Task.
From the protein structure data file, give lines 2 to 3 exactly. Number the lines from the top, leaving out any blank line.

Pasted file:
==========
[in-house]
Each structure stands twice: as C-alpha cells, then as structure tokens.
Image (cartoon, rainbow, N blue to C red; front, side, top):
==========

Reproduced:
Each structure stands twice: as C-alpha cells, then as structure tokens.
Image (cartoon, rainbow, N blue to C red; front, side, top):